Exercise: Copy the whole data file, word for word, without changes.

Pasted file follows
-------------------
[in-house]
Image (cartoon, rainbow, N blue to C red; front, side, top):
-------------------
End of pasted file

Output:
[in-house]
Image (cartoon, rainbow, N blue to C red; front, side, top):